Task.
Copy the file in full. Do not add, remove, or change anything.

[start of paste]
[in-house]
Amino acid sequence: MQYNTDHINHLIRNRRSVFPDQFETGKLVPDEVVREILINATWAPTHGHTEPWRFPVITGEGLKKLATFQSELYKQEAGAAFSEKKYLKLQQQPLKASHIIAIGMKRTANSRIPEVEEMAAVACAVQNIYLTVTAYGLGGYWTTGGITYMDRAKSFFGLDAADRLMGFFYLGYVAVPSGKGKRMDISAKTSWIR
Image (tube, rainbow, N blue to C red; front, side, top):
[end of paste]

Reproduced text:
[in-house]
Amino acid sequence: MQYNTDHINHLIRNRRSVFPDQFETGKLVPDEVVREILINATWAPTHGHTEPWRFPVITGEGLKKLATFQSELYKQEAGAAFSEKKYLKLQQQPLKASHIIAIGMKRTANSRIPEVEEMAAVACAVQNIYLTVTAYGLGGYWTTGGITYMDRAKSFFGLDAADRLMGFFYLGYVAVPSGKGKRMDISAKTSWIR
Image (tube, rainbow, N blue to C red; front, side, top):